How we learned about nonfiction by “traveling” to Ancient Egypt
I have a small group of Tier 3 fifth grade students. They’re all at different places and each one of them is a struggling reader for different reasons. One thing they had in common was not being able to articulate the differences between fiction and nonfiction. They couldn’t tell me what made something non-fiction. They could tell me fiction is “not real” and non-fiction is “real,” but if I dug any deeper, they sat silently or just shrugged their shoulders.
My first activity consisted of a book sort of fiction and nonfiction books. I had a T-Chart where I simply wanted them to list things they noticed about the two different genres. They really had trouble describing anything related to non-fiction: table of contents, headings, subheadings, pictures, captions, charts, graphics, index, glossary, etc. I realized that, as basic as I thought this was, this was too high for these students.
There is no doubt in my mind that teachers have taught students how to read non-fiction. I believe these particular students just never made necessary connections. I realized that I had to teach students about WHY we read nonfiction and to help them identify nonfiction text features that would help them read more analytically.
I had to spark their curiosity! I had to get kids hooked on something where they would have questions and such an interest in answering them that it would naturally lead to the pursuit of informational text. I surfed around a bit and remembered about Nearpod. I logged in to their site and noticed they had a free lesson on Ancient Egypt. Part of the lesson provided a 360-degree image of a tomb filled with hieroglyphics. Coincidentally, I had just gone to Target and found a non-name brand set of VR glasses for $7.00. I was able to view that 360-degree image through those VR glasses. That was actually MY first time experiencing that! Naturally, I thought, “WHOA! The kids will LOVE this!” That was my hook, and how I would engage students to develop questions.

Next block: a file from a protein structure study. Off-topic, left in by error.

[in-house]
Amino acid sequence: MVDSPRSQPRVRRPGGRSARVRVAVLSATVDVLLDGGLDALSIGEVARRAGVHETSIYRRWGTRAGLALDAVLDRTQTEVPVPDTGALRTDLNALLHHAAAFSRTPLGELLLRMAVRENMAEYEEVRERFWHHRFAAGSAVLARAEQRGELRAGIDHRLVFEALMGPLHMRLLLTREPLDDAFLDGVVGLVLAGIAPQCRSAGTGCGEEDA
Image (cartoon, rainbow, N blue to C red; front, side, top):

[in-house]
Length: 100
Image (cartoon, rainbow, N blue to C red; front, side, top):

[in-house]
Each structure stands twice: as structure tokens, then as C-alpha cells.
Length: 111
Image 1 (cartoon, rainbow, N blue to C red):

To open my lesson, I started off with just showing them that one image. I provided dry erase boards and markers. Students had the image open on Chromebooks and we passed around the VR glasses. They each wrote their questions down on the dry erase boards. I had a couple of students fill two dry erase boards with questions! They were very interested!
The types of questions students ask are always interesting to me. These students are economically disadvantaged, the majority English learners, struggling readers, and have had few, if any, experiences traveling globally. So, they had very basic questions like, why is there so much sand? They didn’t know it was a desert. What happened to Egypt? They didn’t know that it’s a country that still exists. Why do they have pictures on the wall? They didn’t know about hieroglyphics. The questions went on… I wasn’t so much concerned with the types of questions because I was more interested in them making the connection to using nonfiction to answer their questions, the process they were experiencing. I created a Google Doc for students to type in their questions and shared it to our Google Classroom. They were able to easily access the document and type their questions into a table that I created for them. The document basically had three columns: Questions, Answers, Works Cited. Students typed in their questions from the dry erase boards.